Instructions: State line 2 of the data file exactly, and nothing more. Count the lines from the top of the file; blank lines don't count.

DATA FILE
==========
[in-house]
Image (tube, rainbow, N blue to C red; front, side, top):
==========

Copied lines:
Image (tube, rainbow, N blue to C red; front, side, top):